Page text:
Gym refunds fees after withdrawal dispute

Daniel MacEachern dmaceachern@thetelegram.com
Published on November 26, 2011

When Laura Dwyer injured her knee in January, the St. John's student put her gym membership on hold.

But before she could return to the gym, she says, GoodLife Fitness - she's been a member at the Blackmarsh Road location for about five years - resumed withdrawing payments without her knowledge.

"I brought them a doctor's note, and had my account put on hold," she said Thursday. "Then in about May, somebody from GoodLife had called me, and I told her that I wasn't able to return to the gym until I got my MRI back and I knew what was wrong with my knee. I wasn't told that they were going to start taking the payments out again."

Dwyer said she didn't notice right away, because the withdrawals come out of a student line of credit, which she hadn't otherwise touched since the beginning of the semester in January. It wasn't until recently, after she lost her wallet and was reviewing her accounts online, that she discovered that GoodLife resumed withdrawing $22.54 every two weeks in May.

In all, Dwyer said more than $300 was withdrawn, and her attempts to get an explanation from the club were stymied. She said she was told she'd signed an account suspension form that detailed when payments would resume. Dwyer said she doesn't recall signing one, but can't say for sure she didn't - and her attempts to get gym management to produce the form were unsuccessful.

"I asked (the gym employee) her if she had that paper there for me, and she said that she would have to look into my file," but that didn't happen, said Dwyer, adding her requests to make an appointment with the manager were ignored. Dwyer said she was told the money wouldn't be refunded, and the best the company could do for her was provide a free month's membership when she returned to the gym.

The manager of GoodLife's Blackmarsh location declined to comment on the situation, and referred the Telegram to a 1-800 number for members, which redirected the request to the company's head office in London, Ont. Krista Maling, GoodLife's senior public relations adviser, confirmed for the Telegram the company's policy.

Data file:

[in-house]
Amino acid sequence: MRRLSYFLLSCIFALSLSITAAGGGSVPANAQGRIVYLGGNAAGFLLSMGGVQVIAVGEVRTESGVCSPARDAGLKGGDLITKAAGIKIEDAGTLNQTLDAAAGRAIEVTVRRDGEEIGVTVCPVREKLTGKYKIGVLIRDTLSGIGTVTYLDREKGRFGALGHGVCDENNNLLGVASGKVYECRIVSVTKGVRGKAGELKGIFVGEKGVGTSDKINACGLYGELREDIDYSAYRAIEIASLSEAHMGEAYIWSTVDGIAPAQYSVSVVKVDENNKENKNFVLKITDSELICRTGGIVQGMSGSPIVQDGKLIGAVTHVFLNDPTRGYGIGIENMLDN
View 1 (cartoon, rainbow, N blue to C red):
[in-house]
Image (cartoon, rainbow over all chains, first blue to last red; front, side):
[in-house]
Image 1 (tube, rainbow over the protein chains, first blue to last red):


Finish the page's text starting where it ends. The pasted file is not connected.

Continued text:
"The general policy is that with a medical note, we definitely put memberships on hold for free, no problem," she said, adding that a signature is required from members to suspend the account. "They get a change form, which would tell them when the last payment would come out of their account and the date that it would begin again."

Maling wouldn't comment on Dwyer's specific case, citing privacy concerns, but did say she had been in contact with her since the Telegram started making inquiries, and that she was concerned about the way Dwyer said she'd been treated. "I'm surprised to hear of her situation. That definitely isn't our member care protocol. I'm sad to hear that she feels that someone wasn't of assistance to her."

By late Thursday afternoon, Dwyer confirmed, Maling had contacted her to let her know they'd be refunding the dues taken from her account.

"She told me that they actually do do reimbursements, and the money was going to be reimbursed to my account," she said. "Any of the people I'd spoken to before this have told me that there's no way that they reimburse money, and there's no way the account to be reimbursed."

Dwyer said it was unfortunate that it took so long to get sorted out, but she was happy that her money would be refunded, and added that she will "100 per cent" double-check all agreements in the future, and urged other members of fitness clubs to do the same.

dmaceachern@thetelegram.com Twitter: TelegramDaniel